I round the Abram-New York bend. There the digital sign kindly lies: 9:33. Two minutes for nine miles--my Ion will ionize them!

Then Cheech and Chong inch out onto New York from a side street. I see the two adolescent male heads in the front seat of a pickup truck festooned by a "Support Our Troops" decal, a gun rack, and a Texas license plate--why, then, is it moving at the rate of about fifteen miles per hour? I imagine the conversation obviously taking place in the cab.

"Hey, man--why you drivin' so slow?"

"Hey, man--am I drivin'?"

A smoke plume issues from the driver's side; I get a contact high from my position on their bumper.

This is the trench warfare leg of the trip, as New York St. here is literally a trench, two untended lanes scratched into the bumpy topography of east Arlington. But since experience has taught me that the slowest way to get anywhere in Texas is to take the Interstate, I'm figuring that this pocky alley on the poor side of town will get me fastest to my city's Southeast corner. And once Cheech finally pulls over to reload his bong, I'm rocketing with new hope towards the next major intersection after defying a few minor ones, one-waying a four-way stop, and nearly somersaulting a moon-crater pothole.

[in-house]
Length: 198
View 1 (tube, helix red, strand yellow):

I clear New York/Park Row with tomato juice on my rear--but I do clear it. Now close parallel lines Pioneer Parkway and Arkansas Lane loom; catching their lights wrong can turn them into prison bars for a long sentence. But Pioneer's left turn arrow beckons. This means that if all goes well, Pioneer's light will go green by the time I hit it; and this in turn means that Arkatraz will fling wide its freedom door to me as well. And luck of the Irish, Pioneer's a go!